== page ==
Behavioral Finance (part 5 of 5): Looking at the Way Your Thinking and Behavior Affects Your Investing
Part 5 in a series of 5.
The last three items in our list of problematic behaviors are what I would refer to as the three negative effects. They are the House Money Effect, the Snake Bite Effect, and the Endowment Effect. The three of them are very closely related, and so we will consider all three together.
Problem: The Three Negative Effects
Of all of the behaviors we have studied, the three negative effects are by far the most reactionary. They are born more out of instinct than anything else. What is truly amazing about these three effects is that most people who are guilty of them don’t even realize it.
The first of the three is the House Money Effect. This was given its name because of the similarity in thinking to gambling. Consider a person who takes a seat at a blackjack table. He wins a few hands early on and feels very good about his luck. He pockets his original seed money and then begins to play only with his winnings, also known as the ‘house money’. The problem here is that this individual begins to take risks that he never would have with his original cash. Note carefully that nothing fundamentally has really changed. All of the money is truly his and he is still sitting at the same table, but even so his behavior pattern has changed. If in the end he loses it all, he can play it off and say “It was only the house money”. This type of behavior is seen quite often in investing, and it can be one of the most damaging in terms of maximizing our future wealth.
The second effect is the Snake Bite Effect. Everyone has experiences that cause them to become suddenly more cautious than they normally would. The saying “fool me once shame on you, fool me twice shame on me” is good description of this behavior pattern. An investor may put their money into a stock that, through unexpected and unanticipated circumstances, suddenly realizes a large loss. This investor now runs the risk of becoming overly cautious with their next investment in an effort to avoid that same feeling of loss. By doing so, they may well compound the loss by diminishing any future returns.
The third effect is known as the Endowment Effect. This effect occurs most often when someone inherits an investment but can also occur as a result of a merger or corporate spin-off. In any case, the person receives something from an outside source, and has an unexplainable attachment to the item. Many times, the attachment is due to the value that a previous owner had placed on the item. Other times, it is a result of having received something as a gift and not wanting to part with it.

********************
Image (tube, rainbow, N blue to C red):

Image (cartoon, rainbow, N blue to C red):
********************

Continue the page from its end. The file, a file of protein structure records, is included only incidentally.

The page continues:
It is not hard to imagine a person who receives a gift of an old car from a loved one that has died. The person who received the car may be unwilling to part with it at a reasonable price simply because of the emotional attachment to the vehicle. In the end, the person may never be able to bring themselves to sell the car, and therefore never realizes the value of it. The same can easily be true of any such gift.
In all three of these effects, the resulting problems are similar. Each of them causes us to act in a manner very different from how we normally would. For example, the House Money Effect causes us to take on excessive risk. This can lead to losses that we would not otherwise have faced. The reverse is true of the Snake Bite Effect. This effect causes us to alter our behavior so that we become too cautious and thereby miss out on gains that we would otherwise have captured. The Endowment Effect is a sort of hybrid of the first two. In the end, it causes us to hold on to an asset far longer than we should and thus realize losses or forego the gains that we would otherwise have made. It is often difficult to realize just when these effects have a hold on our behavior. However, it is important to be aware of them in order to ensure we are making the correct decisions where our wealth is concerned.
Throughout this series, we have looked at different patterns of behavior that negatively impact our investment making decisions. Profitable investing is not an easy task, and in many ways, it runs counter to our own nature as emotional human beings. Studying behavioral finance helps us to understand where the problems lie, and also how we can counter those limiting behaviors.
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